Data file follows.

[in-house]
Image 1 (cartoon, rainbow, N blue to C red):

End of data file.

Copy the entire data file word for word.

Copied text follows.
[in-house]
Image 1 (cartoon, rainbow, N blue to C red):